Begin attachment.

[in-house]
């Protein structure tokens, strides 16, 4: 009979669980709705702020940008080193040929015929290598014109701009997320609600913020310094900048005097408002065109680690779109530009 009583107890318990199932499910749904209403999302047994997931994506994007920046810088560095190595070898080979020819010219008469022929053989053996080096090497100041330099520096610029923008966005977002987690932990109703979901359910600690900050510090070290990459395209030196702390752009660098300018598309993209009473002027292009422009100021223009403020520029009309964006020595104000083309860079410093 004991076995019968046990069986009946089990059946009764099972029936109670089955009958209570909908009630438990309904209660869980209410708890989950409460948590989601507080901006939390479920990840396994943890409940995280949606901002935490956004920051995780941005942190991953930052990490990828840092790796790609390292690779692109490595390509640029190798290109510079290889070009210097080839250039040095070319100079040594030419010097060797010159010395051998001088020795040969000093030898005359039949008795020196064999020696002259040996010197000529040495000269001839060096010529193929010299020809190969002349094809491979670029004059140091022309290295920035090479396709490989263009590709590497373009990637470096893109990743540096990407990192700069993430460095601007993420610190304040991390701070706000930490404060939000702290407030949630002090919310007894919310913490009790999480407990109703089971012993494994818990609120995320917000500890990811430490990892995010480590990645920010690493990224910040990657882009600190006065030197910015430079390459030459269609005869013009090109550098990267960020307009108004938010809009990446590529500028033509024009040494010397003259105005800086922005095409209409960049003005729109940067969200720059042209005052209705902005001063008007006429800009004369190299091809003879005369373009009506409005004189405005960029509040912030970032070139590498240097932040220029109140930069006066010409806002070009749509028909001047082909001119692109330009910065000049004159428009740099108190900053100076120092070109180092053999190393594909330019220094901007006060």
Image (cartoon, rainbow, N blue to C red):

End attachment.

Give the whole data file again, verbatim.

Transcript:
[in-house]
């Protein structure tokens, strides 16, 4: 009979669980709705702020940008080193040929015929290598014109701009997320609600913020310094900048005097408002065109680690779109530009 009583107890318990199932499910749904209403999302047994997931994506994007920046810088560095190595070898080979020819010219008469022929053989053996080096090497100041330099520096610029923008966005977002987690932990109703979901359910600690900050510090070290990459395209030196702390752009660098300018598309993209009473002027292009422009100021223009403020520029009309964006020595104000083309860079410093 004991076995019968046990069986009946089990059946009764099972029936109670089955009958209570909908009630438990309904209660869980209410708890989950409460948590989601507080901006939390479920990840396994943890409940995280949606901002935490956004920051995780941005942190991953930052990490990828840092790796790609390292690779692109490595390509640029190798290109510079290889070009210097080839250039040095070319100079040594030419010097060797010159010395051998001088020795040969000093030898005359039949008795020196064999020696002259040996010197000529040495000269001839060096010529193929010299020809190969002349094809491979670029004059140091022309290295920035090479396709490989263009590709590497373009990637470096893109990743540096990407990192700069993430460095601007993420610190304040991390701070706000930490404060939000702290407030949630002090919310007894919310913490009790999480407990109703089971012993494994818990609120995320917000500890990811430490990892995010480590990645920010690493990224910040990657882009600190006065030197910015430079390459030459269609005869013009090109550098990267960020307009108004938010809009990446590529500028033509024009040494010397003259105005800086922005095409209409960049003005729109940067969200720059042209005052209705902005001063008007006429800009004369190299091809003879005369373009009506409005004189405005960029509040912030970032070139590498240097932040220029109140930069006066010409806002070009749509028909001047082909001119692109330009910065000049004159428009740099108190900053100076120092070109180092053999190393594909330019220094901007006060």
Image (cartoon, rainbow, N blue to C red):